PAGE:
He suggests, “The Emergent Church… will not be marked by knowledge stored centrally. There will be no key leader who will be seen as the fount of all knowledge and wisdom on all topics… This in turn will mean that the idea of truth in the Emergent Church will change. It will no longer reside in some intangible conceptual work of theology that only the fully trained and ordained can unlock. Instead, the pursuit of it will be about our shared experience.” (Pg. 110)
He states, “In the Emergent Church we must radically realign ourselves with the environmental movement, not because we are intrinsically antiglobalization … or because we want to stop global warming… but because as Christians we believe that creation is a gift, not a commodity. If it has been given to us as a gift to pass on, it is not ours to do with as we please… And that the church has done so is the result of an escapist view of the day of reckoning, that nothing we do really matters because God will make it all right in the future anyway.” (Pg. 152)
He notes, “The Emergent Church will be one of the key places in a community where gifts can be exchanged, and as always when gifts are shared, relationships will flourish around these places. We know… that it could be ‘messy’ and that it may not always be clear who is in control---but we must remember that this is where life exists. We also know that accusations will come that activities like this are a ‘waste of time’ and not focused on the main goal of getting everyone saved. We must resist this.” (Pg. 159)
He summarizes, “I began this book by proposing that the church had reached a local maximum, and that in order to survive, it needs to progress and find a new way of being in an evolving world… I have argued that the church needs to descend from its pre-Enlightenment … naïveté into the valleys of unknowing, where it must be reincarnated, as Christ was, into specific places and cultures. Only then can it begin to move into the conjunctivity of a post-Enlightenment incarnation, where it can hold together those at other points of the journey of faith without abuses of power or destructive infighting… I have also proposed that there are two ways we could go about this journey… revolution or evolution. Revolution is characterized by speed and violence. It is about divide and rule… Evolution refuses to rush ahead and thus avoids sharing and fissures. It tries to bring about change from within. It is about empowerment. It is bottom up and dependent on distributed knowledge.” (Pg. 187-188)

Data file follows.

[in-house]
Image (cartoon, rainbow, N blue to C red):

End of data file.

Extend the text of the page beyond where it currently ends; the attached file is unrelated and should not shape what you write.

He concludes, “whatever state our churches are in now, we still have this amazing hope: Christ’s birth, life, death, and resurrection provide us with an archetype for change and grounds for belief that God is not done yet… Slowly, quietly, under the radar of the authorities, we must bring the church down from its local peak to rebirth and nurture it, allowing it to learn from and be dependent on its particular host culture. We must free it to evolve into conjunctivity, rich and complex, networked and decentralized, not allowing it to be co-opted, and always keeping it open to its environment, sensing it, learning from it, responding to it.” (Pg. 200)
This book will be of keen interest to anyone studying the Emerging/Emergent Church, and similar/related movements in contemporary Christianity
Brewin is certainly serious about getting rid of authority structures in this radical re-visioning of the church. Unfortunately, it looks nothing like the church of the New Testament but more like a church made in Brewin's image, not Christ's.